These days you can get a scope that hooks to a computer for a few hundred $us, a multi-meter for easily less than 50$us, etc. Using those to build a few simple circuits can really do most people a world of good.

What are you pretending not to know ?

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post #6 of 15 Old 09-17-2009
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Another suggestion, if you haven't already done it, search the Internet looking for the PDF versions of all the manuals for the equipment you have on your boat, that usually goes a long ways towards demystifying a piece of gear. It'll probably give you a detailed explanation of what each connection is, what the buttons and knobs do, etc.

What are you pretending not to know ?

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post #7 of 15 Old 09-18-2009
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The Annapolis school of seamanship has a great electric class. I am just a happy student. starts in December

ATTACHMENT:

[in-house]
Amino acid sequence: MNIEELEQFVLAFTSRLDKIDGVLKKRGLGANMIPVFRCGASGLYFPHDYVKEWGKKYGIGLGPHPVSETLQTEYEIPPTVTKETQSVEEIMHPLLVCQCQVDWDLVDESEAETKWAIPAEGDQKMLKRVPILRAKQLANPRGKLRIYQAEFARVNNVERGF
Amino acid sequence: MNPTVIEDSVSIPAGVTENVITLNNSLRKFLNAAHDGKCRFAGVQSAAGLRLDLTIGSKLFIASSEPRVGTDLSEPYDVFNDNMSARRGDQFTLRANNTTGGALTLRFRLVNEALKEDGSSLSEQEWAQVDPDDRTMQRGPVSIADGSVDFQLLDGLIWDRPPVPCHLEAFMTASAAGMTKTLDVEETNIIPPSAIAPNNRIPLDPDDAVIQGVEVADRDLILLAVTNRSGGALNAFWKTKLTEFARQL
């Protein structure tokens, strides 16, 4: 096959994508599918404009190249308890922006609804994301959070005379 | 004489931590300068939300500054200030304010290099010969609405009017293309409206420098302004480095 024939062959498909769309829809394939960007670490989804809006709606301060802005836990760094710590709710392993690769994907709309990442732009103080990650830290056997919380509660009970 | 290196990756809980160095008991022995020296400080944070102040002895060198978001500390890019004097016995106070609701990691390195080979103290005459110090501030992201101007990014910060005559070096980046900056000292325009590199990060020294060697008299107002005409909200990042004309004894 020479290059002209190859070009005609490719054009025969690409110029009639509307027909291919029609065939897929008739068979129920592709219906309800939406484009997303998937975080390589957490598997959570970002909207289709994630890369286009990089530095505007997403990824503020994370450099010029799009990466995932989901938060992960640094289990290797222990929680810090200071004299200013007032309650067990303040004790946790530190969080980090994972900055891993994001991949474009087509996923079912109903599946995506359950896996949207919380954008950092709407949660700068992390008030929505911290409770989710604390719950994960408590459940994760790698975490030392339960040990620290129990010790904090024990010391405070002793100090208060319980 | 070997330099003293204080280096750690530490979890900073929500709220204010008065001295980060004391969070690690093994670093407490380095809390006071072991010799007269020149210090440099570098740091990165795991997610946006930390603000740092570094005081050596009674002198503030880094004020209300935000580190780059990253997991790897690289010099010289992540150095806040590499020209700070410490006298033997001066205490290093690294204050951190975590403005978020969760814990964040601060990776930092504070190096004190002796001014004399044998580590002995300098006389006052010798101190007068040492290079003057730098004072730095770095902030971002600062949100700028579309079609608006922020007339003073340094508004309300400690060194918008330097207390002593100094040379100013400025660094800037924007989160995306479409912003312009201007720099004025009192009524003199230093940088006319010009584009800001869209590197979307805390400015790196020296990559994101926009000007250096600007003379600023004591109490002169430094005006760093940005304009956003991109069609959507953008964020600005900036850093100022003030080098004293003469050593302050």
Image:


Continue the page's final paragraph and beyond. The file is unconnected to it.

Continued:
Marine Electrical System Classes at Annapolis School of Seamanship

The diesel class was also great.

That derelict boat was another dream for somebody else, don't let it be your nightmare and a waste of your life.
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post #8 of 15 Old 10-21-2009
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Peter Kennedy

in Annapolis was very helpful to me (in New England) last winter when making up new breaker panels for my Pearson 34. I got to him through Google & he had the best prices on Blue Sea panels etc. He also reviewed my wiring plan & suggested improvements. Could be worth buying an hour or two of his time.
Also Charlie Wing's book, for me, was a little clearer than Calder's, but Calder's is a great reference to have re: engines.